Only two weeks away from the end of 2016, and China's film market is still 2.6 billion yuan away from tying with 2015's total box office revenue.
With two distinctively different films hitting the cinemas last Friday, Zhang Yimou's "The Great Wall" and a movie version of the popular documentary "Masters in the Forbidden City", the battle for the box office is in full swing.
'Great Wall' vs 'Masters in the Forbidden City'
The Great Wall marks Zhang's first English-language debut and is a hugely ambitious China-U.S. co-production.
"Although this film is in the monster genre, it has my own trademark and very strong hints of Chinese culture, just like I did before in my previous films," he said.
Meanwhile, "Masters in the Forbidden City" is a more humble production, originally a three-episode TV documentary broadcast in 2015 on China Central Television.
The TV version became an instant internet hit, receiving 2 million views and being rated by internet users as one of the most influential documentaries.
And this new movie version aims to scan the old Imperial Palace and uncover more secrets with restoration technology.
"I feel very happy knowing the documentary has drawn the attention of quite a lot of young people. I believe all filmmakers would like their work to have some impact on young people, who are the future of the world. We need more diversity in the film market," said Xiao Han, director.
Although the market did see a growing amount of diversity, this year's stats show that it is not doing well.
During the spring quarter of 2016, China's movie market received a whopping 3 billion yuan at the box office. Experts even predicted the yearly box office take would reach 60 billion yuan.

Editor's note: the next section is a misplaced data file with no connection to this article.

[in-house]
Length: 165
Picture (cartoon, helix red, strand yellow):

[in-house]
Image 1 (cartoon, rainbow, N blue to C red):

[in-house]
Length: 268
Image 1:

But the momentum gradually declined since April and the market didn't perform well during the two golden periods: the summer vacation season and the national day holiday season.
Compared to the rapid growth of the past few years, it seems the market is cooling down.
"China's box office sales have increased from 1 billion yuan to 40 billion yuan in the past decade as the industry has adopted more market-oriented reform measures," said Zhang Hongsen, director of Film Bureau State Admin. of Radio, Film & Television.
"In fact, the film market has posted an average growth of 35 percent year on year since 2003. In 2015 alone, it grew a whopping 48.7 percent. The 2016 market is cooling down. The numbers have their meanings, but what's more important is the quality of the films. "
Quality before quantity... it seems that the combination of starry casts, and big budgets no longer guarantees high box office revenues.
During the next two weeks, another round of home productions are set to be released, including actor-turned-director Derek Yee's "Sword Master"; "The Ferryman" produced by Wong Karwai, and "Railroad Tigers" starring kung fu superstar Jackie Chan.
Maybe one of them will break the box office curse, but one thing is for sure: the whole industry is set to continue its uphill battle next year.